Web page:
COLUMBUS, Ohio (WCMH) — As the number of confirmed and probable COVID-19 cases in Columbus appears to be decreasing, the Health Commissioner says it’s time to get children back in the classroom.
On Tuesday, the last date for which data is available, the city reported 75 new cases. Fewer than 100 cases have been reported on eight of the last 11 days. On Sunday, the fewest number of cases, 66, were reported since June 14 when there were 55 cases.
“I am pleased with where they are right now,” said Columbus Public Health Commissioner Dr. Mysheika Roberts “I want that trend to continue. I’m happy to see that we’ve seen the downward trend in cases that I wanted to see.”
Dr. Roberts says the city has seen five consecutive weeks of a downward trend in case numbers. She has recommended to schools districts that if they want to resume in-person learning, it’s time to do it based on community case count.
“Tomorrow, the governor will come out with his new Public Health Advisory System. I’m optimistic that Franklin County might change to a different color, a better color,” said Roberts. “And then, it’s up to the school boards and superintendents to decide if they have the time to move the ship and get the kids back in the classroom now.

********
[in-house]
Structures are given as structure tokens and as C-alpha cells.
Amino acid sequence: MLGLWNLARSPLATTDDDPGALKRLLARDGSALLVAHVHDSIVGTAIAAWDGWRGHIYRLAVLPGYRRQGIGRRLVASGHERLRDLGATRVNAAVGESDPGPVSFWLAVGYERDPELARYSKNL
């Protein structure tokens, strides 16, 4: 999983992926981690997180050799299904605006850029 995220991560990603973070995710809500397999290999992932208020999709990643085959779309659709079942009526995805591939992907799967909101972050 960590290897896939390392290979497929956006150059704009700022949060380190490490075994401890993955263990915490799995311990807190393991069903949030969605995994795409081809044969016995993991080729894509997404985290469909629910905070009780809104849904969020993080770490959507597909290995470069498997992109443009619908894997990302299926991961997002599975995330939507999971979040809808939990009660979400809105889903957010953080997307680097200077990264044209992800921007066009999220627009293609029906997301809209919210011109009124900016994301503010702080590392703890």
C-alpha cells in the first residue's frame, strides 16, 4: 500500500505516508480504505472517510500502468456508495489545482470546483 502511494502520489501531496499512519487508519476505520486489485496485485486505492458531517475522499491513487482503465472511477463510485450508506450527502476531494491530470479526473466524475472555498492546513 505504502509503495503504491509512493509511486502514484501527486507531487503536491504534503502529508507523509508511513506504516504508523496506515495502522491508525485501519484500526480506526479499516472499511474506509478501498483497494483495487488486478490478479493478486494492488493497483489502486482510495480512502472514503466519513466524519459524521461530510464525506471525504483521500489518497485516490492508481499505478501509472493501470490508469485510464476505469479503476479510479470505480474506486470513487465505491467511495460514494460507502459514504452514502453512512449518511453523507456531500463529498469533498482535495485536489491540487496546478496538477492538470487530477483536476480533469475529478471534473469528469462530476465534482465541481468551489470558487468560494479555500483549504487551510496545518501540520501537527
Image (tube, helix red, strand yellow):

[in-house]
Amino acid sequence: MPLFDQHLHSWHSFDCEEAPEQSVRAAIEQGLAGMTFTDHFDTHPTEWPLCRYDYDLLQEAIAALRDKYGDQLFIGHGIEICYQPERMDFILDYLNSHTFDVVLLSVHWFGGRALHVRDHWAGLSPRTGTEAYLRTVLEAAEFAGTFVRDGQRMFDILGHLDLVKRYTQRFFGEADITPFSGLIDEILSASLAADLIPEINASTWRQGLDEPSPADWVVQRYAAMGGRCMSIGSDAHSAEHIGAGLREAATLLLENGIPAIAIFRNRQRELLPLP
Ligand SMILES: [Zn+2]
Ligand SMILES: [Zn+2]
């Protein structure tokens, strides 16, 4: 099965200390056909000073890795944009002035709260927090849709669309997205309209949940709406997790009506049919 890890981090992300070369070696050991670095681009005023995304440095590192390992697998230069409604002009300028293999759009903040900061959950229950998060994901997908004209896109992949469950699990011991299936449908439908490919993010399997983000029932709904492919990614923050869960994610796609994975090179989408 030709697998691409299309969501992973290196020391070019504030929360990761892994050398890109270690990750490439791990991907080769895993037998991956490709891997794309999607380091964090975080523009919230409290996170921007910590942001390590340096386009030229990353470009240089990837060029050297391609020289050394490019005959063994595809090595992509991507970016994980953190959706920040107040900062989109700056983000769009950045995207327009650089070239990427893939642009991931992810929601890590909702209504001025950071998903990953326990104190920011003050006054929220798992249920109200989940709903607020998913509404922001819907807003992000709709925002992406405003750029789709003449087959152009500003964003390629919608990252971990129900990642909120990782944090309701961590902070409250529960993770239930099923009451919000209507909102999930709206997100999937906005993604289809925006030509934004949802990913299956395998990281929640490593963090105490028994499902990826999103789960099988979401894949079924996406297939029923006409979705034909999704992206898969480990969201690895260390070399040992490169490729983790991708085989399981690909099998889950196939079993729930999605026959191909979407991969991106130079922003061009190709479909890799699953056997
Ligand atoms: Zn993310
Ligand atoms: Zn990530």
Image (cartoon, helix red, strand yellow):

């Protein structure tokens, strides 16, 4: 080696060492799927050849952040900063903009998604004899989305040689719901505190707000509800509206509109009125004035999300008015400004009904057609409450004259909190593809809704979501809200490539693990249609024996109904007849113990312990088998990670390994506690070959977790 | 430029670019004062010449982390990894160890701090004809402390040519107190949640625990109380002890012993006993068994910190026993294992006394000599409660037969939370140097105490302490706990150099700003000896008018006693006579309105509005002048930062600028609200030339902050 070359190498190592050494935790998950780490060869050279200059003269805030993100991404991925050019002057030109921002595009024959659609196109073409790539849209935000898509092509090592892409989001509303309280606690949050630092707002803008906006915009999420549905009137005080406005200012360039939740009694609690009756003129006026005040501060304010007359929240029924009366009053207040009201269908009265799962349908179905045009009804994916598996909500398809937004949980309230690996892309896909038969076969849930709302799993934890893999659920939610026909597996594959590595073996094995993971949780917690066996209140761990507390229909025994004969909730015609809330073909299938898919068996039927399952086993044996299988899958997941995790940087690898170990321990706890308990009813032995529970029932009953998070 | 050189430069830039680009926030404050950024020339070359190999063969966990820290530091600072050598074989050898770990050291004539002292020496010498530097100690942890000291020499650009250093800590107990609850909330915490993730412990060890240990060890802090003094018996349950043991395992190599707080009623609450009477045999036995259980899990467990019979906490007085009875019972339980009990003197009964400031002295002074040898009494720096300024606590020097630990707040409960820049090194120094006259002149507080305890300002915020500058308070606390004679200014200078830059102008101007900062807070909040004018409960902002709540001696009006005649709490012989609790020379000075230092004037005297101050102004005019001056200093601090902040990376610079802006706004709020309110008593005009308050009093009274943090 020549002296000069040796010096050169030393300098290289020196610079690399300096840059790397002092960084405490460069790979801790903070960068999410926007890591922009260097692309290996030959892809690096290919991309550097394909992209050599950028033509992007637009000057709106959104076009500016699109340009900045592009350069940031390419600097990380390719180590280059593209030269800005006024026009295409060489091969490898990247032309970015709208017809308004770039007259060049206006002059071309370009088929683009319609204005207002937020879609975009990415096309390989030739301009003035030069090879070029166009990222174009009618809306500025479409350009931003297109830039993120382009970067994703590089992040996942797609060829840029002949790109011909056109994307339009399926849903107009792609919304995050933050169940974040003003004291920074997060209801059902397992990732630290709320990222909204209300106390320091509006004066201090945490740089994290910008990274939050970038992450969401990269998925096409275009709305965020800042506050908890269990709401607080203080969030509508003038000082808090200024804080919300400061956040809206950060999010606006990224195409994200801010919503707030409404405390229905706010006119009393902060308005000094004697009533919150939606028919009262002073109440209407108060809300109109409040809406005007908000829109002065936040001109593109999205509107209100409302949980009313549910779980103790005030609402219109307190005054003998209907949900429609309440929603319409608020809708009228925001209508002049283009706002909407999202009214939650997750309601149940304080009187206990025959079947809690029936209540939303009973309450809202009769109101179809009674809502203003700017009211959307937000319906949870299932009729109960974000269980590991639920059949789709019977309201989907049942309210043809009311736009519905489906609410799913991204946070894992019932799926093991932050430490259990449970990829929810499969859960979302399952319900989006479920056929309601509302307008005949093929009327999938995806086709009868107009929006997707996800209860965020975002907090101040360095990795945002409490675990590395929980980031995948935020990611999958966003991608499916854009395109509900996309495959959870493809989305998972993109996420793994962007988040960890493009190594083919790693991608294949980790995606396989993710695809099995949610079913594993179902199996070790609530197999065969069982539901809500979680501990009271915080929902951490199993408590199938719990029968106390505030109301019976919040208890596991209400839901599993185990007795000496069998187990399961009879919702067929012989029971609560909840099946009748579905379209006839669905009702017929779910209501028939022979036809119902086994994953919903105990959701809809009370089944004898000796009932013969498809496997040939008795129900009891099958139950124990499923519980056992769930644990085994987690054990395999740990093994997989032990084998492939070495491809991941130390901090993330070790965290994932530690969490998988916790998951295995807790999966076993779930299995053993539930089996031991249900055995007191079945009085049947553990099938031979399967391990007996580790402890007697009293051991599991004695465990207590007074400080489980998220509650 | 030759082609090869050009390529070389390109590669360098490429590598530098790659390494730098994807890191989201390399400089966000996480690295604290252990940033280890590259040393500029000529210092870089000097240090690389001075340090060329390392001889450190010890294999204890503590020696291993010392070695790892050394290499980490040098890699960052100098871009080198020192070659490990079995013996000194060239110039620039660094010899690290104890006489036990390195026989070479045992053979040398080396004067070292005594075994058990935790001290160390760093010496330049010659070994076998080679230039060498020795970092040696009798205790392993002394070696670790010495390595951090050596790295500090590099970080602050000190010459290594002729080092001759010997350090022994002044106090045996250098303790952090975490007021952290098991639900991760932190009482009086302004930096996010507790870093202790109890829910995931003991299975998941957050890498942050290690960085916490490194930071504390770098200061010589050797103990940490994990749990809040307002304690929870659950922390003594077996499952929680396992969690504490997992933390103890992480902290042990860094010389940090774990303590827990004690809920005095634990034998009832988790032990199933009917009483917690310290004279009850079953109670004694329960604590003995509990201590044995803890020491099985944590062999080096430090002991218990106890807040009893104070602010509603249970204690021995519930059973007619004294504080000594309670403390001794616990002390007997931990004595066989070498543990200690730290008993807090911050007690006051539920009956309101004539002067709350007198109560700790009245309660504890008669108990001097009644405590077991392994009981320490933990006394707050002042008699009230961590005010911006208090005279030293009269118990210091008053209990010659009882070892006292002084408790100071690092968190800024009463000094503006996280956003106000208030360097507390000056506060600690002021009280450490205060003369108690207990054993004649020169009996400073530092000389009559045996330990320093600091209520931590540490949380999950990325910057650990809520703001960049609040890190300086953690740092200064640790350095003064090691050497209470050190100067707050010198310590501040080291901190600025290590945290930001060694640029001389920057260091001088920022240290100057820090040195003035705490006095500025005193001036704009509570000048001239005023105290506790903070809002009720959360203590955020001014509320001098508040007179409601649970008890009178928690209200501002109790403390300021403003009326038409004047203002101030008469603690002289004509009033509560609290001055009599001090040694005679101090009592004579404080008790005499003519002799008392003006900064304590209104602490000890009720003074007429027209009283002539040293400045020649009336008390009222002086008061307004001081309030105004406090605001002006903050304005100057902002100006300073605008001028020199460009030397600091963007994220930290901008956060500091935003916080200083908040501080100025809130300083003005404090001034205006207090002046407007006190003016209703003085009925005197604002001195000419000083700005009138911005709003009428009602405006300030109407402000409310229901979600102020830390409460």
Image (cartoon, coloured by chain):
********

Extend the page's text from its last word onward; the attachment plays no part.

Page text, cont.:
Full interview with Dr. Roberts
But Columbus City Schools has no plans to return to in-person learning.
“Columbus City Schools will begin the 2020-2021 school year completely virtual, for all Pre-K – 12th-grade students on September 8th, 2020,” said Jacqueline Bryant, CCS director of communications. “The District will stay all virtual through at least the first quarter of the Traditional School Year, and at least the first intersession of the Year-Round School. Depending on the recommendations from our local and state health departments, the move to a Blended Learning Model – in-person instruction (two days a week) and remote at-home learning (three days a week) could come at the beginning of the second quarter (October 29, 2020).”
“We are, across the board, seeing new case numbers and confirmed case numbers dropping and again that is a direct result of masks,” said Dr. Iahn Gonsenhauser from The Ohio State University Wexner Medical Center. “It’s a direct result of social distancing, but number one again it’s those masks, so keep wearing those masks, keep being responsible and we’ll continue to see these numbers drop.”